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Working Paper Number SEHSD-WP2018-15
Kathryn Stevens, Liana Fox, and Misty L. Heggeness
Component ID: #ti1687763904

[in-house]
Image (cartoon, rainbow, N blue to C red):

Policy leaders today look to quality data and statistics to help inform and guide programmatic decisions. As a result, assessing the quality and validity of major household surveys in capturing accurate program participation is essential. One method for evaluating survey quality is to compare self-reported program participation in surveys to administrative records from the program itself. In this paper, we are interested in understanding two issues. First, how closely do Supplemental Nutrition Assistance Program (SNAP) participation and benefit amounts align between self-reported survey responses and other source data on program participation? Second, how does replacing household survey self-reported SNAP values with alternative source records for SNAP change poverty measurement in the Supplemental Poverty Measure (SPM)? We find that 46 percent of SNAP recipients (according to administrative records) do not report receipt in self-reported survey responses and 36 percent of SNAP recipients are not estimated to receive benefits in a microsimulation model. This results in a SPM rate that is 0.4 percentage points lower when state SNAP administrative records are used instead of survey self-reported SNAP receipt and 0.9 percentage points lower when estimates from a microsimulation model are used instead of survey self-reported SNAP receipt.

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